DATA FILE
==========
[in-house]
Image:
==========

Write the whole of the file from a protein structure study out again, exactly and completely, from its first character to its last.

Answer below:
[in-house]
Image: